"We speak glibly of ‘sea power’ and forget that its true value lies in its influence on the operations of armies."
- Although Americans and Britons usually claim that the “League of Armed Neutrality” cobbled together by Russia, Denmark, Sweden and other powers in 1780 was an expression of support for the American Revolution, it was primarily aimed at curbing British interference in neutral shipping, by providing convoys for merchant vessels.
- An examination of skeletons from several ancient cemeteries suggests that the average Greek warrior during the Fifth Century BC was about 5’5” tall.
- Perhaps the greatest sea dog of the seventeenth century, the Dutch admiral Michiel de Ruyter was so highly respected that, following his death from wounds incurred fighting the French in the Battle of Agosta (April 22, 1676) off eastern Sicily, King Louis XIV ordered that the ship bearing his body home was to be greeted by cannon salutes as it passed French ports, and ever since his name has almost always been borne by an active ship of the Royal Netherlands Navy.
- A World War II pillbox built to cover a possible German invasion beach at Studland in Dorsetshire, England, was found so useful in postwar years for folks interested in gawking at the nudists who began to frequent the area, that it was eventually demolished, to the great annoyance of both historic preservationists and randy teenage boys.
- Although he proved an effective commander, when he succeeded to the imperium, a few weeks shy of his 40th birthday, the Roman Emperor Marcus Aurelius (r. 161-180), had never seen active military service and had never even been out of Italy.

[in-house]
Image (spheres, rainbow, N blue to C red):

- In the spring of 1756, Capt. Noah Grant (great grandfather of Ulysses S. Grant) of Roger’s Rangers was awarded 30 Spanish dollars (probably the equivalent of £10,000 today) for “extraordinary services and good conduct in ranging and scouting” during British and Colonial operations around Crown Point, New York over the previous winter.
- Following the end of the Franco-Prussian War in 1871, the Swiss, who had been neutral, proposed that Germany reward them with certain “border adjustments” in Alsace, which Otto von Bismarck dismissed by commenting on the impropriety of a neutral state seeking territorial expansion.
- In sixteenth century, the primitive cannon that could be mounted on ships were so weak Spanish sailors that joked their optimal range was “quemaropa – clothes burning”.
of "Al Nofi's CIC" have appeared previously in Military Chronicles,
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